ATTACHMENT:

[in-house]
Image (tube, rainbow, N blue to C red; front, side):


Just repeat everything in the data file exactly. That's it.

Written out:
[in-house]
Image (tube, rainbow, N blue to C red; front, side):